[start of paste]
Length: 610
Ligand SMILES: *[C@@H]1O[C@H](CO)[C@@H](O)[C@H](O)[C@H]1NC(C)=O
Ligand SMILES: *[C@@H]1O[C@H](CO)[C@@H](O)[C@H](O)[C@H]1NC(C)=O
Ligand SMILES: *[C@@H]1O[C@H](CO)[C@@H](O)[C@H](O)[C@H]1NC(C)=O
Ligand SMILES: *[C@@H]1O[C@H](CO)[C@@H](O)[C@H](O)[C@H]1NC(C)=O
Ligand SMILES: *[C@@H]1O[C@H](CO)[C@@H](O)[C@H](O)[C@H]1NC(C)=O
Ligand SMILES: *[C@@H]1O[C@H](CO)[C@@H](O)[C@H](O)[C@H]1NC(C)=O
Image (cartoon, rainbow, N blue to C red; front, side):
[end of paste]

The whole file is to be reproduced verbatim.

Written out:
Length: 610
Ligand SMILES: *[C@@H]1O[C@H](CO)[C@@H](O)[C@H](O)[C@H]1NC(C)=O
Ligand SMILES: *[C@@H]1O[C@H](CO)[C@@H](O)[C@H](O)[C@H]1NC(C)=O
Ligand SMILES: *[C@@H]1O[C@H](CO)[C@@H](O)[C@H](O)[C@H]1NC(C)=O
Ligand SMILES: *[C@@H]1O[C@H](CO)[C@@H](O)[C@H](O)[C@H]1NC(C)=O
Ligand SMILES: *[C@@H]1O[C@H](CO)[C@@H](O)[C@H](O)[C@H]1NC(C)=O
Ligand SMILES: *[C@@H]1O[C@H](CO)[C@@H](O)[C@H](O)[C@H]1NC(C)=O
Image (cartoon, rainbow, N blue to C red; front, side):